During your four years at Princeton you will discover new ideas, new fields of knowledge, and the adventure of learning. There is perhaps no better way to begin this journey than by taking a freshman seminar. Open only to first-year students, the program is designed to provide first-year students with an early opportunity to experience the excitement of working closely with an instructor and a small group of fellow students on a topic of special interest.
As you will see in our roster of seminar offerings, the variety of topics and faculty members involved in the program is truly extraordinary. Indeed, many of our students feel that their freshman seminar was one of their most enjoyable and meaningful academic experiences at Princeton, and one that enabled them to discover new intellectual passions and form enduring relationships with faculty members and fellow students.
Here are some of the key features of this program to keep in mind as you explore the rich mix of offerings for the coming year:
- Each seminar takes place in a seminar room situated within one of the six residential colleges (due to space limitations, some colleges offer fewer seminars than others), but all seminars are open to all first-year students, regardless of their residential college affiliation.
- The seminars count as regular, graded courses, and most fulfill a distribution requirement, as indicated by the letters in the right-hand corner of the course description (EC = Epistemology and Cognition; EM = Ethical Thought and Moral Values; HA = Historical Analysis; LA = Literature and the Arts; QR = Quantitative Reasoning; SA = Social Analysis; STL = Science and Technology, with laboratory; STN = Science and Technology, without laboratory).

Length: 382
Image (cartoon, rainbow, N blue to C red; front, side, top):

- Unless specifically indicated in the description, freshman seminars do not assume prior knowledge or advanced placement in the subject. Emphasis is on discussion, papers, and in-class presentations rather than on quizzes and exams.
- Freshman seminars are not to be confused with freshman writing seminars. Freshman seminars are focused on the subject matter: the readings, papers, presentations, and class discussions are all centered on the specific content of the course. Writing seminars are focused on the process of writing: the topic serves as a springboard for writing exercises and essays; reading is held to a minimum; and most of class time is devoted to writing instruction. For these reasons you should not hesitate to take a freshman seminar in the term you will be taking your writing seminar, as long as your schedule permits.
In July, all incoming first-year students will receive an invitation to apply online for any of the seminars that are being offered during the fall term. While the University has increased the number of freshman seminars, demand may exceed the number of spaces available. Seminar assignments will therefore be made through an automated system designed to accommodate and place the largest number of students in one of their top seminar choices. You may apply for freshman seminars in both terms. You will be notified about applying for spring term seminars in October.